Unusual ligand structure in Ni–Fe active center and an additional Mg site in hydrogenase revealed by high resolution X-ray structure analysis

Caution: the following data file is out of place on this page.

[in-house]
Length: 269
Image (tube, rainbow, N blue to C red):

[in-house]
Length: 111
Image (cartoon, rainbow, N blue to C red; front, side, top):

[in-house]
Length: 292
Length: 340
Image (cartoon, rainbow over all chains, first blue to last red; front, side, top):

AbstractBackground: The hydrogenase of Desulfovibrio sp. catalyzes the reversible oxidoreduction of molecular hydrogen, in conjunction with a specific electron acceptor, cytochrome c3. The Ni–Fe active center of Desulfovibrio hydrogenase has an unusual ligand structure with non-protein ligands. An atomic model at high resolution is required to make concrete assignment of the ligands which coordinate the Ni–Fe center. These in turn will provide insight into the mechanism of electron transfer, during the reaction catalysed by hydrogenase.Results: The X-ray structure of the hydrogenase from Desulfovibrio vulgaris Miyazaki has been solved at 1.8 Å resolution and refined to a crystallographic R factor of 0.229. The overall folding pattern and the spatial arrangement of the metal centers are very similar to those found in Desulfovibrio gigas hydrogenase. This high resolution crystal structure enabled us to assign the non-protein ligands to the Fe atom in the Ni–Fe site and revealed the presence of a Mg center, located approximately 13 Å from the Ni–Fe active center.Conclusions: From the nature of the electron-density map, stereochemical geometry and atomic parameters of the refined structure, the most probable candidates for the four ligands, coordinating the Ni–Fe center, have been proposed to be diatomic S=O, C≡O and C≡N molecules and one sulfur atom. The assignment was supported by pyrolysis mass spectrometry measurements. These ligands may have a role as an electron sink during the electron transfer reaction between the hydrogenase and its biological counterparts, and they could stabilize the redox state of Fe(II), which may not change during the catalytic cycle and is independent of the redox transition of the Ni. The hydrogen-bonding system between the Ni–Fe and the Mg centers suggests the possible

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